"In 1962, when Peter Dixon joined the Sainsbury's Design Studio, a remarkable revolution in packaging design began. The supermarket was developing its distinctive range of Own Label products, and Dixon's designs for the line were revolutionary: simple, stripped down, creative, and completely different from what had gone before. Their striking modernity pushed the boundaries, reflecting a period full of optimism. They also helped build Sainsbury's into a brand giant, the first real 'super' market of the time. This book examines and celebrates this paradigm shift that redefined packaging design, and led to the creation of some of the most original packaging ever seen.

Produced in collaboration with the Sainsbury family and The Sainsbury Archive, the book reveals an astonishing and exhaustive body of work. A unique insight into what and how we ate, the packaging is presented using both scanned original flat packets and photographic records made at the time. With an essay by Emily King featuring interviews with Peter Dixon and Lord Sainsbury of Preston Candover."

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1960s19621970sbrandBritish designcolour fielddesign aestheticsdesign simplicitydesign studio • Emily King • food labelformalist design aesthetics • FUEL (design group) • graphic designgraphic design collectiongraphic design historyinformation design • John Sainsbury • labelmodernist aestheticsmodernity • Own Label (book) • packagingpackaging design • packets • Peter Dixon • photographic records • plain packproduct packagingSainsburys • Sainsburys Design Studio • Sainsburys Own Label • simple design • stripped down • supermarket • The Sainsbury Archive • UK

CONTRIBUTOR

Simon Perkins
30 JUNE 2013

Display: a collection of rare mid 20th century graphic design books

"Display is a curated collection of important modern, mid 20th century graphic design books, periodicals, advertisements and ephemera. Documenting, preserving and providing public access to these original materials will raise the profile of Graphic Design as a source of educational, historical and scholarly analysis for teachers, students, designers and independent researchers. From the rational to the experimental to the playful–our collection is varied and represents a distinct point of view about mid–century graphic design, typography and beyond."

(Patricia Belen and Greg D'Onofrio)

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20th centuryadvertisement designadvertising designaestheticsAlan FletcherAlbe Steiner • Alberto Gennari • Aldo Calabresi • Alvin Lustig • Andreas His • Anthony Froshaug • Anton Stankowski • Antonio Boggeri • Atanasio Soldati • Attilio Rossi • Battista Pallavera • Ben Benn • Betoniere Magutt • Bob Noordabook cover designbook designBruno Munari • Carl Bernard Graf • Carlo Dradi • Carlo Pirovano • Carlo Vivarelli • Cinturato Pirelli • communication designcurated collectiondesign aestheticsdesign collectiondesign ephemeradesign for filmdesign formalism • Display (site) • Drei Mal Pro • Eckhard Jung • editorial design • Einladung • Elaine Lustig Cohen • Emil Ruder • Ennio Lucini • Enrico Bona • Enrico Kaneclin • Enzo Mari • Erik Nitsche • Eugenio Carmi • exhibition designformalist design aesthetics • Franco Grignani • Franco Maria Ricci • Fridolin Müller • Friedrich Vordemberge-Gildewart • Giancarlo Iliprandi • Giorgio Host-Ivessich • Giovanni Broggi • Giovanni Fraschini • Giovanni Frecchiami • Giovanni Pintori • Grafa International • graphic design • graphic design books • graphic design collectiongraphic design history • graphic design periodicals • Grete e Horacio Coppola • Gruetta Girevole • Guido Bergossi • Gyorgy Kepes • Hans Conrad • Hans Neuburg • Hardoy Chair • Heinz Waibl • Herbert Bayer • Herbert Kapitzki • Herbert Matter • Herman Miller Collection • Hermann Eidenbenz • HfG • Hiromu Hara • Hochschule fur Gestaltung • Horacio Coppola • Igildo Biesele • Ikko Tanaka • Ilio Negri • information design • Italo Zannier • Jan Tschichold • Jeder Dieser Drei • Josef Muller-Brockmann • Karl Gerstner • Ladislav Sutnar • layout design • Lester Beall • Lora Lamm • Luigi Minardi • Luigi Oriani • Luigi Veronesi • magazine artmagazine illustrationmagazine layout • Manfred Winter • Mario Perondi • Massimo Vignellimaterial cultureMax Bill • Max Huber • Michele Provinciali • mid 20th-century • Miglia di Monza • modern design • modern graphic design • modern graphic design collection • Morton Goldsholl • Nelly Rudin • Noel Martin • Otl Aicher • Pasquale Casonato • Paul Rand • Paul Renner • Paul Schuitema • Piero Gandolfi • Piet Zwart • Pino Tovaglia • Randolfo Asti • rare books • Raymond GFeller • Remo Muratore • Richard Paul Lohse • Robert Buchler • Roberto Sambonet • Roland Aeschlimann • Ryuichi Yamashiro • Schweizer Grafiker • Sepp Deimel • Siegfried Odermatt • Swiss Style • Tomas Gonda • Tonino Boschiroli • twentieth-century design • typographic art • typographyvisual communication • Walter Cyliax • Will Burtin • William Fleming • Wim CrouwelXanti Schawinsky • Yoshio Hayakawa • Yusaku Kamekura • Yves Zimmermann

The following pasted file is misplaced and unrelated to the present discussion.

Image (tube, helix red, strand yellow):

CONTRIBUTOR

Simon Perkins